J&J banking on improved insulin delivery tech to cure diabetes business woes

The Animas Vibe device--Courtesy of Animas

Johnson & Johnson's diabetes care business experienced a year-over-year revenue decline of 5.5% in Q1 2015 and fell 7.2% in 2014 compared to 2013, primarily due to changes in Medicare reimbursement that cut prices for some of the company's products by more than 70%, according to CEO Alex Gorsky.

Continued unfavorable exchange rates due to the strengthening dollar are another factor. At constant currencies, sales growth was 4.2% in Q1 2015.  

But J&J executives are optimistic about a turnaround, citing the recent launch of the drug-delivering Animas Vibe continuous glucose monitor and insulin pump, and longer term plans for a wearable insulin pump.

Johnson & Johnson ($JNJ) touts the Vibe's "fine-tune" insulin delivery, wearable Dexcom G4 Platinum sensor, and color monitor for tracking glucose levels. It was approved by the FDA in December, three years after receiving a CE mark for use in Europe.

"Vibe was launched O.U.S. last year and continues to pick up a lot of volume, did extremely well in O.U.S. (outside the U.S) and was just launched in the U.S. recently. And we're seeing some very, very good uptick on Vibe and we're very, very pleased by that new insulin pump. It's doing very, very well, taking share and growing and with what we saw happening O.U.S. certainly bodes well for the uptick of that product in the U.S," said J&J chief financial officer Dominic Caruso during the company's Q1 2015 earnings call last week.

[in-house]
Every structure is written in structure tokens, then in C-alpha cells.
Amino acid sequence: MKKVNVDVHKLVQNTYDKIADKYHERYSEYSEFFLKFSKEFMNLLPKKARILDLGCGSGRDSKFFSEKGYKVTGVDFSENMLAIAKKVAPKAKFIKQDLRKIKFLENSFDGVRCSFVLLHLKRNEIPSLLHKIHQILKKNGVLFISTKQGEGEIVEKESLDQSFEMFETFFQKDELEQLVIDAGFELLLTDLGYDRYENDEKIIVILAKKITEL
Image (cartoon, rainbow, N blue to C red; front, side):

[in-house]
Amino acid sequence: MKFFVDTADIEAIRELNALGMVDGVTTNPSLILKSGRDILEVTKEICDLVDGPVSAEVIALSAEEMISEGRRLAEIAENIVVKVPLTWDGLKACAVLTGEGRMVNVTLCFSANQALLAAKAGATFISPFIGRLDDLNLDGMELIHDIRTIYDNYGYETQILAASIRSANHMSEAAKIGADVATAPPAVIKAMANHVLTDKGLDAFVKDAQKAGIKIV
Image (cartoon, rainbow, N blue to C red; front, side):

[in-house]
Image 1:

The company is also excited about the prospects of its wearable, three-day insulin delivery patch being developed by Calibra, which was acquired by the bigwig in 2012.

"We think Calibra could be a very nice opportunity, very unobtrusive way to have insulin delivery. And it looks right now like by the back end of the year 2016, that we should have more on that," Gorsky said during the Q4 2014 earnings call.

In addition, J&J is partnering with Insuline Medical to register and distribute the Israeli company's InsuPad that promotes optimal absorption of insulin by warming diabetics' injection site. The partnership with Insuline builds on a collaboration in Germany. It covers Russia and the former Soviet Union, where marketing approval of Insupad is about a year away. J&J will be the sole distributor in those countries, including Belarus, Armenia and Azerbaijan, among others.

During the Q4 204 earnings call Gorsky said that "diabetes is an area that the company feels very strongly about," pointing out that there are 350 million Type 2 diabetics around the world, but he acknowledge the difficulties facing the business.

"For a very significant portion of our market, we saw over a 70% price reduction. And as you know, whenever that happens in one of your businesses, you finally have got to reframe that entire business. And I think all of the companies involved in SMBG (self monitoring blood glucose products) have gone through that kind of transition over the last year and a half," he said.

The specific change is the federal Centers for Medicare & Medicaid Services' competitive bidding program for mail-ordered diabetes supplies, under which Medicare beneficiaries can only choose from the suppliers that have agreed to offer their diabetes care devices through the mail at the lowest price.

Bayer is attempting to exit the business altogether by selling its Contour blood glucose meter, but hasn't found a suitor so far. Meanwhile Abbott ($ABT) is attacking the problem head on by launching the cheapest over-the-counter device in the diabetes meter and test strips market.

J&J is betting on making drug delivery more precise, convenient and efficient, as evidenced by its recent partnerships, acquisition and product launches.

- listen to or read the most recent earnings call.

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